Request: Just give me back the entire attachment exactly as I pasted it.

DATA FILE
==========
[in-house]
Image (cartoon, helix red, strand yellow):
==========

[in-house]
Image (cartoon, helix red, strand yellow):